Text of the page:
Tracey: Right, exactly. We do have a question from Cary and I'm not sure which website that they are referring to, but was it, was it Buoy?
Shelli: Yeah, I think probably, it's Buoy maybe and it's, yeah, it's spelled B U O Y.
Joyce: B U O Y and then maybe could you say again also the CDC Health IQ?
Shelli: Yes. Yes. So that that app is called Health IQ and you I believe you can just look it up you know US Center for Disease Control and Prevention HealthIQ app.
Tracey: So just we answered the question.
Joyce: Yeah. Just so that people are clear that it's the it's the Centers for Disease Control. HealthIQ app, you know? Because a lot of apps may come up when you look for the app, but make sure it's one that says, CDC or Centers for Disease Control. You're not downloading something that maybe isn't as good or as
Tracey: Or different. Yes.
Tracey: So Joyce, I think you had a question.
Joyce: Yeah, I was wondering, how do, you know, how do we benefit? Like, maybe this little more philosophical question, but how do we benefit as healthcare consumers and patients. When we do have a diversity of voices, you know, in healthcare innovation. Like why is that so important?
Shelli: So diverse voices in healthcare are first of all critical to improving the tools and the therapies that boost outcomes and reduce disparities. You know, if you look at the United States, you know, we're a nation where more than 38 million people live in poverty and where, unfortunately, communities of color generally face more barriers to care. And one of the core purposes of healthcare innovation is not only to create more efficient and effective care delivery, but it's also to help democratize care. And I think in order to create the most effective products, it's crucial that those involved in designing these solutions represent the perspectives, the cultures, and needs that really mirror that of the people that they serve. You know, to put it simply, the better a patient is represented and understood the better they can be treated. And so it is incredibly important that the people who are in, you know, responsible for healthcare innovation, you know, and and not only that, but the people that are you know involved in any kind of piece of the innovation life cycle need to make it a priority to include diverse perspectives and that's diverse perspectives of you know providers as well as patients.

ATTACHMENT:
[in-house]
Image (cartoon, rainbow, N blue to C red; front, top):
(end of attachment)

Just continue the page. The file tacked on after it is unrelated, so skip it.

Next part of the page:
Joyce: Yeah. That's really important. Yeah.
Shelli: I was just going to say I have, I have you know, an article that I read recently that's kind of an interesting example of you know
Joyce: Yeah, if you could give us an example, that would be really great.
Shelli: Yeah, of course. So research this article that I read recently shown that fewer patents are actually awarded to women than men when it comes to biomedical innovation. And so the study published in science found that female inventors or more likely to come up with biomedical ideas and products that focus on the needs of women. Whereas, of course, male inventors are more inclined to focus on products for men. And so ultimately, it's concluding that society is missing out on potential medications, devices, and technology that could benefit women's health because women are being awarded so many fewer patents. And I think that, again, when diverse perspectives are not considered, those populations miss out on innovation and, you know, I think conversely, too, including diverse perspectives promotes that little bit of the outside of the box thinking, and we know that that really leads to unlocking innovation and solutions that are developed with diverse perspectives in mind are also able to traditionally serve a wider audience of people, which could also potentially lead to greater financial outcomes for healthcare innovators, as well. So, there're a ton of upsides to including diverse perspectives here.
Tracey: So in terms of Inlightened, your company, I know you gave us some background. But you know, what are you seeing? The people who are coming in, who are looking to use the experts, like, could you give us a description of the type of startups and the people who are running those startups look like?